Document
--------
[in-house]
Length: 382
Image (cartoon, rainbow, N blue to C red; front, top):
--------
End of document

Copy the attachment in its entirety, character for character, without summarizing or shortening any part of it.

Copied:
[in-house]
Length: 382
Image (cartoon, rainbow, N blue to C red; front, top):